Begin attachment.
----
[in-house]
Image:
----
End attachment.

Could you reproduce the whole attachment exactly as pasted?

[in-house]
Image: